American expat reveals the ‘weird’ culture shocks he faced while living in Australia – from ‘dead end’ roads to bizarre desserts and houses without basements
- An unnamed American man has revealed what life is like for expats in Australia
- He made observations about traffic, food and slang in a recent YouTube video
- The man raved about the kindness of Australians and the country’s desserts
- He said he had never heard of pavlova or Tim Tams before moving to Sydney
- But warned others to expect a culture shock regarding unusual slang terms
An American man who spent a year in Sydney has revealed what life is like for expats in Australia with amusing observations about the Land Down Under.
In a YouTube video titled ‘The truth about living in Australia’, the unnamed man discussed the gridlocked traffic, ‘unusual’ food and slang terms he had never encountered until relocating to the Harbour City.
He raved about Australia’s welcoming citizens and delicious desserts like Tim Tams and pavlova, but warned others to expect a culture shock when they step into an Australian home – and realise just how much time people spend at the beach.
Scroll down for video
An American expat was shocked to learn just how much time Australians spend at the beach after living in Sydney for one year. Pictured: Crowds throng Bondi Beach on August 30, 2020
Sydney is filled with ‘dead ends’ and roads that twist in ‘interesting’ patterns found nowhere else on earth, the man claimed.
‘It seems like sometimes, they put the buildings in first, then realised they had to put roads in,’ he said.
Viewers agreed about the city’s poorly planned roadways, with one man laying blame at the feet of the British Empire which ruled over Australia from 1788 until the 1850s.
‘Sydney roads are narrow and weird because of how [it] was set up without any planning during the colonial era,’ he said.
But despite the confusing layout of the city, the man said he found Sydney drivers to be overwhelmingly polite and well mannered to pedestrians.
Sydney is filled with ‘dead ends’ and roads that twist in ‘interesting’ patterns found nowhere else on earth, the man claimed. Pictured: Gridlocked traffic at Bondi Beach
Despite the city’s confusing layout, the unnamed man (pictured) said he found Sydney drivers to be overwhelmingly polite and well mannered to pedestrians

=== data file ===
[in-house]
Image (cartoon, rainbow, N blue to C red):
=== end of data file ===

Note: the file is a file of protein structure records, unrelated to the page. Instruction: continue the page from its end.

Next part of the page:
Before arriving in Sydney, the man admitted he had never heard of pavlova – the meringue-based sweet named after Russian ballerina Anna Pavlova that’s long been one of Australia’s most popular desserts.
He called it ‘an interesting sort of cake’ and added: ‘If you were to make a cake out of cotton candy, in my opinion it would be something like that.’
The man was impressed with Australia’s indulgent meat pies and Tim Tams, widely regarded as the nation’s best-loved biscuit.
He encouraged viewers to try the iconic chocolate if they ever have the chance.
Before arriving in Sydney, the man admitted he had never heard of pavlova (pictured) – the meringue-based sweet named after Russian ballerina Anna Pavlova that’s long been one of Australia’s most popular desserts
The man said it took a while to get used to unusual slang terms like ‘she’ll be right’ – which means everything will work out’ – and ‘heaps’, which is the Australian word for a lot of something.
‘They’ll say ‘I just had heaps of food’, which means they’re full,’ he explained.
He said he was similarly puzzled by the concept of ‘tea time’, which is the Australian term for dinner or the main evening meal.
‘It’s kind of random, we’re not having tea or anything, it’s just what they do!’ he said.
Houses without basements
Accustomed to America’s sprawling mansions and terraced houses – most of which boast basements – the man said he had never entered a home without one until moving to Australia.
He also noted how expensive houses are in Sydney, where an ‘average sized’ home is likely to fetch upwards of a million dollars because of its views or location.
Laid-back culture and beach obsession
The man was pleasantly surprised to discover that Australian families flock to the beach after work almost every day and enjoy a laid-back lifestyle few Americans dare to dream of.
‘They stay there until the end of the day, and then the next day they’ll go to work and they’ll do the same thing again – they love it!’ he said.
He also praised the safety of Sydney, saying he felt totally at ease throughout his stint in the Harbour City.